SCOTLAND Under-21 boss Billy Stark reckons his team’s chances of qualifying for the UEFA European Championships can be boosted by their ‘12th man’...St Mirren Park.
The young Bravehearts are to play all of their home matches at the Paisley stadium as they bid to reach the prestigious 2013 tournament, which will take place in Israel.
So far, Stark’s starlets are unbeaten at St Mirren Park during the qualification campaign, having secured a 0-0 draw with Belgium and a 2-2 draw with Austria.
And their chances of reaching Israel have been greatly enhanced by a 5-1 win away to Luxembourg and a sensational 2-1 victory in the Netherlands last week.
The Scots now sit in second place in their group – one point behind the Dutch – at the midway point of the campaign.
Next up for Stark and Co is the return fixture against the Netherlands, which will take place in Paisley on February 29 next year.
And there is also a game against Luxembourg to look forward to at St Mirren Park on September 6.
Stark, who starred for St Mirren during his playing days, is urging fans to turn out in large numbers in those two games to give Scotland their support.
He told Express Sports: “It’s great to be back in Paisley and I’m enjoying seeing a lot of familiar faces.
“We’ve been back for two games so far and I’ve been delighted with the set-up at the new ground.
“Using one stadium for the whole qualifying campaign is something that some other countries do and we felt that it was something we’d like to have a look at as well.
“We invited a list of clubs to bid for the privilege and we received some really good bids but it was St Mirren who came out on top.
“I was delighted to endorse that, as St Mirren Park is a great ground. The club put together a pretty good package and it is a good fit for us.
“Now we just need to get the Paisley people out to support us.”
A healthy crowd of 3,058 turned out to see Stark’s youngsters come from behind to grab a point against the Austrians last month, with red-hot Huddersfield striker Jordan Rhodes bagging two goals.
As Stark took his place in the St Mirren Park dugout for his team’s latest Paisley visit, he looked out over a ground which is much different to the one where he starred as a player for the Buddies almost 30 years earlier.
The shiny new stadium in Greenhill Road may share it’s official name with its predecessor but the similarities go no further.
For starters, St Mirren’s current home is located half a mile down the road from the famous Love Street turf where Stark first made his name as a cultured midfielder with an eye for goal.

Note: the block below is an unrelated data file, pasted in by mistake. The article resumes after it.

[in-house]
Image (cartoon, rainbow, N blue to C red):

Gone are the old stands, clad with corrugated iron and bedecked in iconic back and white stripes, while Cairter’s Corner and the North Bank have slipped into memory too.
Now Saints – and Scotland’s Under-21s – run out at a £15million bespoke stadium capable of holding 8,000 supporters in considerable comfort.
And, for those still haunted by the medieval toilets at Love Street, there are even indoor rest rooms to enjoy.
However, despite these differences, 54-year-old Stark feels just as much at home at the new St Mirren Park as he did at the original ground.
He said: “The first thing that appealed to us about St Mirren Park is that it is a modern stadium. It has got a good-sized playing surface which is always in a great condition, thanks to Tam Docherty, the club’s groundsman.
“Other factors also played a part in us deciding to go with Saints. The stadium has got really big dressing rooms and it’s proximity to the training facilities that we use and to Glasgow Airport is also helpful. All these things helped to get the stadium the nod.
“So far, we are happy with how things have gone. It’s already starting to feel like home.”
Scouting requirements bring Stark back to Paisley on a regular basis and it was on one of his recent spying missions that he swung past the derelict building site where Love Street once stood.
A lump grew in his throat as the former Aberdeen and Celtic man realised one of his happiest hunting grounds was no more.
“I drove by the old stadium recently and it was a funny feeling seeing it like it is today,” said Stark, who bagged 84 goals in 345 appearances for the Buddies between 1975 and 1983.
“It was a ground that had stood there for over 100 years and it was packed with history and tradition but it was time to move on and the people at St Mirren deserve great credit for making the new stadium a reality.
“Put simply, if the club had not moved when they did, they would still be stuck in a financial mess at Love Street just because of the way the economy is.
“The chairman and the board were brave and the club now has a much brighter position.”
For many St Mirren fans, Stark remains one of the most talented players ever to have graced the black and white stripes.
An original member of Alex Ferguson’s famed gang of kids dubbed “Fergie’s Furies,” he helped propel the team up the old Premier Division table at a time when the Old Firm were regularly slain by the men from Paisley.
Even three decades on, Stark still fills with pride as he recalls the part he played in those successful days.
He said: “I have got so many wonderful memories of my time at St Mirren. I was lucky enough to play in a St Mirren team which was a top, top side.
“We finished third in the Premier League and won the Anglo Scottish Cup in 1980, beating top-flight English sides along the way.
“We got to the final a couple of years before that too and played Fulham on the way when they had George Best in their team. We beat them 7-3 on aggregate, which is a great memory.
“That St Mirren team was as good as any the club has ever had and I feel proud just to have been part of it.”